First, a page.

Identification of Snoring in a Medical Perspective
by Pevernagie Dirk
Snoring is a prevalent disorder affecting 20–40% of the general population. The mechanism of snoring is vibration of anatomical structures in the pharyngeal airway. Flutter of the soft palate accounts for the harsh aspect of the snoring sound. Natural or drug-induced sleep is required for its appearance. Snoring is subject to many influences such as body position, sleep stage, route of breathing and the presence or absence of sleep-disordered breathing. Its presentation may be variable within or between nights. While snoring is generally perceived as a social nuisance, rating of its noisiness is subjective and, therefore, inconsistent. Objective assessment of snoring is important to evaluate the effect of treatment interventions. Moreover, snoring carries information relating to the site and degree of obstruction of the upper airway. If evidence for monolevel snoring at the site of the soft palate is provided, the patient may benefit from palatal surgery. It appears that the pitch of the snoring sound is in the low-frequency range (<500 Hz) and corresponds to a fundamental frequency with associated harmonics. The pitch of snoring is determined by vibration of the soft palate, while nonpalatal snoring is more ‘noise-like’, and has scattered energy content in the higher spectral sub-bands (>500 Hz). To evaluate acoustic properties of snoring, sleep nasendoscopy is often performed. Whether some acoustic aspects of snoring, such as changes in pitch, have predictive value for the presence of obstructive sleep apnea is at present not sufficiently substantiated.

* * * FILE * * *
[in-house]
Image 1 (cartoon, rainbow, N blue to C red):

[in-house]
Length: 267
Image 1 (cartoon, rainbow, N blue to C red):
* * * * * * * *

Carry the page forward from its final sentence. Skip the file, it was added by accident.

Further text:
After this lecture, you will be able to know the pathophysiology and acoustics of snoring
After this lecture, you will be able to choose among various diagnostic options to diagnose snoring
After this lecture, you will be able to estimate which therapeutic interventions will effectively reduce snoring